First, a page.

New Year's Eve in December!

Saturday is New Year's Eve! Well, maybe not on most calendars, but it is the start of the new church year. Advent looks forward to the coming of Christ into the world and also to his second coming in glory. The cycle of the year helps us to tell our story again. We remember that Jesus comes into the world to begin the work of God's Kingdom. That's the theme we have been thinking about in the past several weeks as our stewardship campaign focused on the first words of Jesus in Mark's Gospel; Jesus came into Galilee announcing God’s good news, saying, “Now is the right time! Here comes God’s Kingdom. Open your hearts, change your lives and believe the Good News!” (Mark 1:14b-15). Jesus’ messag

"What is truth?"

On March 23, 1743 England’s King George II is believed to have attended a performance of George Friedrich Handel’s Messiah. As the famed Hallelujah Chorus began, tradition says the king rose to his feet and by custom, all in attendance also rose. Why would the king stand? Some say he had grown tired, others that he was moved. Neither of these explanations makes sense in that a king would neither be so rude as to stand to leave in the middle of a performance, nor would he be so demonstrative in his emotions. The king stood, because he made a political and spiritual point – he was under the authority of the true King of Kings and Lord of Lords. While we don’t know for sure whether this story

"Each and all of us will one day share with Christ in his death"

Last week we reflected on our mortality as a key theme of this season from All Saints through the end of the Church year, next week, the Feast of Christ the King (November 25). On that day we dedicate the new funeral pall to which many people in our congregation have contributed. The pall is a beautiful large cloth that covers the casket of the deceased during the funeral. No flowers or other things are placed on the body because the pall represents the garment we received on the day of our baptism and it makes a profound statement as to the life we share in Christ. As St. Paul says, “for all of you who were baptized into Christ have clothed yourselves with Christ. There is neither Jew nor G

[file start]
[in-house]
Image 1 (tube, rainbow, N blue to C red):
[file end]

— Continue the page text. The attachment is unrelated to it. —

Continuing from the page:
December Events at St. John's

Wednesdays | 6:30 p.m. Wednesday Evening Eucharist: Join us Wednesday nights in Advent to celebrate the mass with special guest speakers from among our congregation. Sundays | 9:15 a.m. Christian Education at 9:15: Apocalypse is a Greek word meaning to uncover or reveal. Apocalyptic literature, such as the Book of Revelation, also called The Apocalypse, uses fanciful imagery to convey a deep meaning. Ironically, these images seem to cover up the true meaning rather than uncover it. Our culture is fascinated by apocalyptic imagery. Come see how the real Apocalypse can give us hope instead of despair! Fr. Mark Kowalewski leads this forum every Sunday at 9:15 through December 9. A list of readi

"One day we will return to the earth..."

The feast of All Saints begins a short season of the year culminating in the last Sunday of our liturgical year where we celebrate the Kingship of Christ. Both these feast days, and this season direct our attention to those who now dwell in hope for the reign of Christ to come as well as Christ's coming in glory when earth and heaven will be joined at the end of all time. Yet there is another theme of this season -- our own mortality. Like those who have gone before us, we too live in the "in between" time and will one day dwell with all the saints. In the commendation of the dead in the funeral service of the Book of Common Prayer we pray: "You only are immortal, the creator and maker of ma

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